I painted thinly, with lots of mineral spirits, so the paint dried fast. And then I scumbled over the base layer, removing some of the color in the process. This made an interesting toothy surface for tomorrow’s finish work:

Later, at lunch, I had an interesting realization: I have always found the process of “painting the shapes” to be mysterious. I understand it theoretically and know why it is an important tool for landscape painters, but when I try to intentionally paint the shapes, the paintings come out rather stupid. My shapes simply sit there, inert. But Eric Sandgren, in his workshop at the Coast, spoke of “planes”  (which are nothing more than layered shapes), and suddenly, a whole new way of perceiving “shape” came into focus. Today I realized why:  “shapes” for me have no context, are meaningless. Why not do contours, or shadings instead of shapes? What difference does it make, why bother one way or another? But planes, in landscape, indicate space and place, and since space and the many ways it can be perceived are my primary interests, working out the composition in the context of planes, which are carefully shaped, feels just right. It’s also interesting that language and understanding and seeing are so closely tied together for me.

And the context of the Painted Hills, today, for me, was the context of the disorganized bumptious background forms, which make such glorious lumpish, disorganized planes. These background lumps serve up the rounded, emerging clay forms of the badlands.

Tomorrow we intend to go back out a bit earlier. I want to finish this painting. and Jer wants to get some photos with the sun at a lower angle. Note the “intend” — I had an aunt who used to say “The road to hell is paved with good intentions.” We’ll see where our intentions get us, tomorrow.

Oh, and here’s the fun photo that I took today when the time of day was just right:

The shadowed hills in the background are quite red when no clouds shade them. –June

The John Day Fossil Beds, Further Explorations

In 2006, I spent a month at the John Day Fossil Beds National Monument. At the time I was a long-time textile artist but a newbie painter.  My intent was to do studies in oils and watercolor and then transform these into textile art when I returned home.

It was an exciting adventure, providing an enormous lore of artistic ideas and intellectual understanding of eastern Oregon’s geology and landscape. I spent the following year, painting and stitching, and exhibited many of the textiles regionally and nationally. The paintings were mostly thrown out; larger and more ambitious ones got stored.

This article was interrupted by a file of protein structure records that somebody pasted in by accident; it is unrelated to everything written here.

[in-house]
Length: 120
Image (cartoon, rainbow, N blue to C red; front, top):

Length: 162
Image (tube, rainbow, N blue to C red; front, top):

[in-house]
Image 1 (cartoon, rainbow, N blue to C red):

This month, in August 2011, needing some large canvases on which to paint, I pulled out failed fossil bed paintings, intending to sand off the paintings and re-use the canvas.

This was one I took out to be reused:

It’s a “dream-scape”, an attempt to convey something of the world I experienced during the month at the Fossil Beds. The piece references elements from the geography and geology of the region. It is also a bad painting.

I needed first to get rid of the irritating sky.  At a recent art opening I had been discussing the featured artist’s use of hexagons and was reminded by a friend that the basalt pillars that are a visually striking part of the Fossil Beds area are generally hexagonal in shape. With that nudge, I saw a way to transform the sky. And of course I had new  compositional strategies  (reported in an earlier post here) which could make use of verticals to move the eye around.

I was off. And this is the result:

JOU, Paleosoles, 30 x 40″, Oil on canvas, 2007, 2011

In this new version, the fracturing of the space with the hexagons and the use of the verticals is accompanied by motifs which appear at the Monument.

Being satisfied with that result, I thought I should tackle another canvas from 2007, a rendition of a badlands scene called the Blue Basin. This painting was less bad but more boring (if this distinction is valid, which I’m not sure it is).

Here’s the painting as it was “finished” in 2007:

And here it is as it appears currently:

JOU, Blue Basin, John Day Fossil Beds National Monument, 30 x 40″, Oil on canvas, 2007, 2011.

Again, I inserted hexagonal motifs. I turned the canvas vertically, and in removing the sky (I may be giving up on ordinary skies) found a vertical against which to push the other elements. Here the dream-scape has none of the object motifs of the first, but it retains some of the  weirdness of  Paleosoles. The space in this painting presents very much the mouth-drying sense one has as one advances along the Foree trail in the monument.

In both these paintings, I think I have achieved something of the “feel” of my month-long experience of the  landscape. The weirdness of the actual badlands, both the iron oxides of the paleosoles and the blue ash outcrops, seem best realized in weird paintings.

I have another canvas from the Fossil Beds to play with as well as an almost finished painting from the Oregon coast experience. In this latter coastal rendition, I play again with ambiguous space and vertical compositional strategy. Stay tuned.